E_x is zero. We already saw that.

The x component of the curl must be zero. That's because the B field has no x component.

The y component of the curl is:

<math> -{\partial \over \partial x} \tilde{E_z} = -i\kappa(\tilde{E_0})_ze^{i(\kappa x - \omega t)} </math>

The z component of the curl is:

<math> {\partial \over \partial x} \tilde{E_y} = i\kappa(\tilde{E_0})_ye^{i(\kappa x - \omega t)} </math>

Bringing it together:

<math> -\kappa (\tilde{E_0})_z = \omega (\tilde{B_0}_y), \qquad \kappa (\tilde{E_0})_y = \omega (\tilde{B_0}_z) </math>

This looks like they are going to be perpendicular to each other, which is hardly surprising. It also appears as though there is no phase difference between them. If there had been, we would have seen a factor of <math>e^{i\delta}\;</math> appear.

If you are observant, you will note that you can rewrite those two equations in one:

<math> \tilde{\vec{B_0}} = {1 \over c} (\hat{i} \times \tilde{\vec{E_0}}) </math>

Example 3

Let's have E wave in the y direction. That means B waves in the z direction. Let's draw what this looks like.

(Drawing of E and B fields)

note that these are plane waves: the values for E and B are the same anywhere along the yz plane. It isn't focused just on the axis.

By convention, we say that this wave is polarized in the y direction, because we use the E field to determine polarization. Note that whether it's in the positive or negative y direction is irrelevant: that only changes the phase constant by 180 degrees. Polarization vectors are weird this way: they give you both the direction and anti-direction. Or rather, two polarization vectors pointing in opposite directions are pretty much the same thing.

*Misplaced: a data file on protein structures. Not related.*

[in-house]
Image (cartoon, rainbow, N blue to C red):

Let's suppose our wave is not traveling in the x direction, but along some vector <math>\vec{\kappa}</math>. This vector's magnitude will represent kappa, the wave number. Now we have the wave number and direction all wrapped in one. For a plane wave, what is the E and B field at any given point described by the vector r? We can use the scalar product kappa dot r to describe how quickly the wave moves along the r direction. If r is perpendicular to kappa, then there is no waving at all, but if r aligns with the propagation, then it waves as quickly as r moves. Let me draw that out.

(draw a stack of parallel planes, with the kappa vector perpendicular to it.) When the r points along the kappa direction, then you're supposed to get the same equations we got earlier. However, when you point at different directions, you can see how the wave changes more slowly, until you hit the perpendicular where it changes not at all depending on the magnitude of r.

We also have to introduce n-hat, the polarization vector. This points in the direction of the E field.

The equations for E and B look like this with our modifications:


And we can just take the real parts, with our cosines:


Though you'll not that working with complex numbers is much easier, so stick with the former when you can.

Next, we'll have a brief description of the energy and momentum of an EM wave, the Poynting Vector and why it is so aptly named, and introduce intensity.

Next: 8.2.2 Energy and Momentum of Electromagnetic Waves